THE AHA-CC and AHE-The American Hospital Association Certification Center (AHA-CC) is a division of the American Hospital Association (AHA). Its mission is to create, facilitate, and administer the healthcare industry’s premier certification programs. The Association for the Healthcare Environment (AHE) of the American Hospital Association is the professional organization of choice for directors and managers caring for the patient and resident care environment across all care settings, including hospitals, long term care, continuing care retirement communities and ambulatory care. These organizations provide a plethora of educational material and certification programs that may be available to some cleaning workers.
One certification course offered through AHA may be applicable for cleaning workers who work in or provide services to the health care industry is the Certified Health Care Environmental Services Professional program.
Eligibility for the CHESP Examination requires fulfilling one (1) of the following requirements:
- Baccalaureate degree or higher from an accredited college or university plus three (3) years of environmental services experience in a healthcare setting, of which two (2) of those years must have been in a management/supervisory/administrative role.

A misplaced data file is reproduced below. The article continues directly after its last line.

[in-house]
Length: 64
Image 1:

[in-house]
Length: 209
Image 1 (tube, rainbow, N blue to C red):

- Associate degree or equivalent from an accredited college plus four (4) years of environmental services experience in a healthcare setting, of which three (3) of those years must have been in a management/supervisory/administrative role.
- High school diploma or equivalent plus five (5) years of environmental services experience in a management/supervisory/managerial role in a healthcare setting.
More information on meeting eligibility requirements and participation in the certification program are at the AHA website www.aha.org/certifcenter/CHESP/index.shtml
APIC- The Association for Professionals in Infection Control and Epidemiology (APIC) is the leading professional association for infection preventionists (IPs) with more than 14,000 members. Their mission is to create a safer world through the prevention of infection. APIC offers a comprehensive collection of clinical education and professional development programs. Infection prevention content is available in live and online formats for all career levels and healthcare settings. Information on the resources offered are on their website at www.APIC.orgThe cleaning industry continues to evolve in pursuit of providing healthier indoor environments through effective hygienic surface cleaning and Illness Prevention program so we can stay protected against new viruses. As we continue to learn and develop educational programs for all aspects of our industry, the healthcare community can be a tremendous resource and partner to assist in developing training, procedures, and protocols that can begin to transform our cleaning workers into true environmental health professionals.
Peter J. Sheldon Sr., CEO of ATALIAN Global Services, is an industry expert in developing hygienic cleaning processes and programs in commercial facilities. He brings more than 32 years of experience to his position as CEO of ATALIAN Global Services of North America.